The stretch that introduces the family of five (Sunu Lakshmi as the mother and Ramachandran Durairaj are devastatingly effective) is brilliant. It’s the kind of densely textured street poetry I thought only Manikandan could write. (His Kaaka Muttai boys play the couple’s sons.) We see a family in isolation: the father wants his son to study (the boy would rather spend his time swimming); the mother wants to buy an expensive (for them) cake for her daughter’s birthday. We also see this family’s connection to the local government (a nurse who dispenses polio drops) and to the larger idea of India (the village lives near a rocket-launching station, one of the nation's sources of pride). A cake at the local bakery is even shaped like a rocket.
These villagers have smartphones but have no water. We can send rockets into space, and yet, nothing can be done about this little girl stuck deep inside the earth
The plucked-from-the-headlines story takes off when the daughter falls into an open borewell. Madhivadhani hears about it and calls the Tehsildar, who calls his subordinate, and then the fire brigade arrives, as does a medical team, and then the army enters the scene. It’s like a satirical nursery rhyme. All the king’s horses and all the king’s men can’t put together a rescue plan. The ironies hit hard. These villagers have smartphones but have no water. We can send rockets into space, and yet, nothing can be done about this little girl stuck deep inside the earth.
This is where Aramm begins to lose its footing. The tone becomes shriller, Ghibran’s score turns more hysterical, and the preaching starts to pile up. It isn’t the message itself -- it’s the delivery. A Joker made us care about its characters as well as the circumstances they were trapped in, the personal as well as the political. In Aramm, the only people with some kind of inner life are the girl’s parents, and they’re gradually reduced to wailing props -- save for the rare flourish where we see the father peering down the borewell, a face framed in a circle and surrounded by endless blackness. This visual is worth the thousand words that come before and after.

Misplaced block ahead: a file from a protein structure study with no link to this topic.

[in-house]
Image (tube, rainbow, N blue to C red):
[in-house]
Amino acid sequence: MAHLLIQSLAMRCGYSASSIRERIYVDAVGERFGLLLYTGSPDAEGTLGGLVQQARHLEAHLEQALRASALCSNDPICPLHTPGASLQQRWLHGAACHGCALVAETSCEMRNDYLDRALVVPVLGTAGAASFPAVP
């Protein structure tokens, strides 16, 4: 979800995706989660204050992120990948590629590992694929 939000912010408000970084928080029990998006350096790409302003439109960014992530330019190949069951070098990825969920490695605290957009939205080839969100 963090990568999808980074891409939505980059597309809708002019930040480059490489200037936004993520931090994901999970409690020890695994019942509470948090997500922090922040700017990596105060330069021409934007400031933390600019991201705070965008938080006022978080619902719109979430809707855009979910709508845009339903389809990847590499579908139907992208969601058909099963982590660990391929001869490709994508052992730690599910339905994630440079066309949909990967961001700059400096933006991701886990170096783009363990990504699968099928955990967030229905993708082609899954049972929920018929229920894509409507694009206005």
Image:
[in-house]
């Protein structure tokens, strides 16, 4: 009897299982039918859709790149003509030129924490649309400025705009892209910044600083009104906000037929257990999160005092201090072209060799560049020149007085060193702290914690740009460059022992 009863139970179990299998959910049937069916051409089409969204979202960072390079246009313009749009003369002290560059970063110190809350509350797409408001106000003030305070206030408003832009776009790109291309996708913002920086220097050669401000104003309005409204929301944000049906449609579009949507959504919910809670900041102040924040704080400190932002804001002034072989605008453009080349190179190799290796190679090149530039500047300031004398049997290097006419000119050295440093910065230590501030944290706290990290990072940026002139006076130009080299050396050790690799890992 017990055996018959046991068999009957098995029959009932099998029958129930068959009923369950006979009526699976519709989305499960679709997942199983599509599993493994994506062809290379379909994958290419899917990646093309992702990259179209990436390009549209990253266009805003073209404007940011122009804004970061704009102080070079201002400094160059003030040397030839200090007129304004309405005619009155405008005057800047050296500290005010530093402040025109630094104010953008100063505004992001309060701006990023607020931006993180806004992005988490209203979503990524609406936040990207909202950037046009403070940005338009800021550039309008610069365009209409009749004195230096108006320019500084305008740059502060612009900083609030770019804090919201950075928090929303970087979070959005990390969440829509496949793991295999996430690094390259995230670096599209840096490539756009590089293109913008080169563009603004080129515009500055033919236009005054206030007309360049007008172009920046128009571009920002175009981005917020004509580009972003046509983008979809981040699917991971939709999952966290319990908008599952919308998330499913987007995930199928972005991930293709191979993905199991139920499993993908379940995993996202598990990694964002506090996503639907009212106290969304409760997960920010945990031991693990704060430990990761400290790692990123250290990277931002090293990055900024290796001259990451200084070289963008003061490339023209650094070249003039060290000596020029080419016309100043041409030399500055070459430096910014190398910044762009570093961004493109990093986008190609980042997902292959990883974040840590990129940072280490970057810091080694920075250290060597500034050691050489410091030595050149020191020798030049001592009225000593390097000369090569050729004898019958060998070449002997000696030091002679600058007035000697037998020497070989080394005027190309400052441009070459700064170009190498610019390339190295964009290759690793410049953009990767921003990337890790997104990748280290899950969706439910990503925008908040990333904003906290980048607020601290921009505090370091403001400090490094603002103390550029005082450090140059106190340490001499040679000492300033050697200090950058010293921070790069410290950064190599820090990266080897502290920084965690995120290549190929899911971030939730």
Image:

Because people keep talking -- apparently between themselves, but actually at us. (For example: How we worship film stars and politicians but not scientists.) I laughed when they try to use a rope to rescue the girl and a villager mocks it as a high-tech device, but not every barb lands as smoothly. “Are you for the government or against the government,” Madhuvadhani is asked. It’s just more frothing at the mouth -- the line could be axed and the film would be no different. And some images are shockingly crude. In the midst of all this turmoil, the local minister is at Toni & Guy, getting a head massage and a pedicure. Why not just hang a “Politicians Are Pricks” board around his neck?
As it goes on (and despite a dignified Nayanthara trying to hold it all together), Aramm becomes exhausting to watch. I wondered if the two halves -- one so delicate and alive, the other so heavy-handed -- were made by two different people. But there’s no denying the importance of what’s being said. The little girl, by the end, becomes a symbol for the people neglected by the government, and the end is a sad, shocking reminder that, even if the entire district’s machinery is at hand, it’s basically every man for himself. And every woman for herself, too. I loved the scene where Madhivadhani gets a call from grateful villagers (she’s helped them get water), but is unable to feel satisfied about a job well done because she’s now struggling with a new issue, that of the trapped girl. Maybe that’s why we don’t see much of a personal life. Where’s the time?
Watch the trailer of Aramm here: